In a particularly chilling message, Alex Provost said: "I've met ranchers that kill illegals and [bury] them under cattle graves along the border."
The university issued a statement via email, which reads: "The messages shared on social media are abhorrent and strongly condemned. University officials are investigating this matter. Texas Tech University is proud of the inclusivity and rich cultures that make up our community. These insensitive and racially charged messages do not reflect the core values of the institution."
Chris Cook, managing director of the university's Office of Communications and Marketing, told Refinery29 that the IFC appointed a new president to replace Kyle Mitchell/The Cocaine Cowboy on Thursday night.
Ethan Louis Smith, the IFC's executive vice president, said in a statement: "The messages shared are not a reflection of the spirit and energy that surrounds so much of Greek life at Texas Tech. The Interfraternity Council is committed to making sure that a thorough investigation into these comments is conducted and those responsible are held accountable."
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In an email to Refinery29, Alex Baker, the Chief Information Officer of Tau Kappa Epsilon (TKE), the fraternity of which these students are reportedly members, said: "Tau Kappa Epsilon is investigating these disgusting allegations and condemns hateful language. The alleged comments don’t align with our values of love, charity, and esteem and have no place in our organization."
During an emotionally charged time when debates about treatment of children at the U.S.-Mexico border are raging, these students are members of the large chorus of people who lack empathy for migrants coming to America in search of a better life. Whatever the reason, they can't imagine themselves in the shoes of someone who has no choice but to leave their country and take a chance in the U.S., just like many of their ancestors did years ago.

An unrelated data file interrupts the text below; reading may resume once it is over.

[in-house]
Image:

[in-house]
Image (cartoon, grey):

Unfortunately, the group chat is part of a larger trend of incidents that have ramped up since Trump's election because racists feel emboldened by his rhetoric. The Anti-Defamation League, which tracks hate groups, reported a 258% growth in white supremacist recruitment efforts at universities between fall 2016 (41 incidents) and fall 2017 (147 incidents). Anecdotally, we hear story after story after story — racist initiation videos, Snapchats, and Blackface parties. On some campuses, like at American University in Washington, D.C., new programs have sprung up like mandatory diversity training during freshman orientation.
The statements from The Cocaine Cowboy and his friends go beyond insensitivity and even beyond racism. They warrant more than a surface-level investigation and a punishment that goes beyond just a slap on the wrist.
This is a developing story. We will update it with more information once it's available.